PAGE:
Comment posted Job losses of established staff follow SPT’s change of operator of Kilcreggan Ferry by Robert Wakeham.
Which leaves an outside observer wondering whether politicians at both central and local government level mught have been placing far to much faith in SPT. Easy to say with hindsight, but then I think there were warning signs when some senior officials were brought to book for being more interested in what SPT could do for them than what it was doing for public transport. And the Holyrood government stripped SPT of control of the Strathclyde region suburban train system – that wasn’t just down to party political hubris, was it?
Robert Wakeham also commented
- Ideally it should be the end of the SPT era, with the future of Clyde passenger ferries entrusted to those with the vision to see the long term value in fostering a useful, reliable system – and the competence, integrity and determination to see their function as not just feathering their own nests while the services steadily decay through official neglect – Scotland’s not in the third world, is it?.
- If SPT were up to speed ferry passengers would buy their train ticket on the ferry, or even be able to buy a combined ferry+train ticket, and there would be no nonsense about having to traipse down to the station ticket office and then back to the train. Train+ferry and train+bus tickets are commonplace in the civilised world, so what world does SPT inhabit?
- Surely telling porkies to win a contract would only stack up if the contract administrator was porky-tolerant, so it’ll be interesting to see how SPT handle this.
- It’s as if the authorities are turning their backs on this area and hoping it’ll just disappear. There’s a chance for the government to take the lead, for Alex & co to realise that there’s more to building a country than cultivating the fat cats of dubious integrity and realise that they have a duty of constructive care for communities that seem to be subject to destructive neglect. Just what have SPT and Argyll & Bute Council done to foster links between communities on the lower Clyde that grew up around efficient, integrated ferry links that are being allowed to wither away and die in the face of the motor car? The cost of driving is going nowhere but up, and if ever there was a time for realising that these places need robust and affordable ferry links if they’re to prosper, it’s now. Alex, forget the Trumps and Murdochs as role models and remember what Robert Burns had to say about the real people, because they’re who you’re ultimately accountable to.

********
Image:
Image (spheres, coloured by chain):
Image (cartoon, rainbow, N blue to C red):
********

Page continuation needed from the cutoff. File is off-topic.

- The ambience of Gourock station is that of some East European sink town around the time communism collapsed.
Recent comments by Robert Wakeham
- Giggle factor on the rise as Stornoway guesthouse runs competition to guess start date of new ferry
Time for the local MSP to dig out the facts of the matter.
- Syriza, one seat short of overall majority, now talisman for the Scot Nats
Just remember that the ancient Greek city states were the cradle of democracy, and that – apart from WW2, the subsequent civil war and the military rule of the Colonels from 1967 to 1974 – Greek governments have been democratically elected and thus the Greek nation could reasonably be seen as accountable for the rottenness of successive governments, as well as the prevailing ingrained culture of tax dodging.
Just as the recent Westminster governments, with their less than honourable reluctance to confront large scale tax avoidance, can arguably be seen as reflecting the will of the people. As can the democratically elected councillors in Kilmory.
- McGrigor’s cross party debate on Argyll’s depopulation crisis
And the track laying on the new Borders Railway is in the hands of a Dutch team, and the undersea broadband cable links laid up & down the West Coast last summer were in the hands of a French team, and the new submarine power cables from Hunterston to Kintyre are being laid by the Norwegian arm of a French multi-national.
- Ungritted A83 sees multiple vehicle offs
Maybe because, unlike in Alpine countries and Scandinavia, the snow here is usually localised and/or ‘here today & gone tomorrow’ – and people are surely wary of the hassle of having to repeatedly stop and put on / take off snow chains, or risk damage by driving with them on cleared roads.
- Scotland owes its welter of new powers to the No Thanks pro-union vote
The fact that ‘..nothing else was on the paper except YES’ was the real problem for me, as despite feeling very strongly that Scotland needs control of its own destiny there was no way that I’d be happy with total separation, and so for me the only reasonable solution would be a federal UK.
powered by SEO Super Comments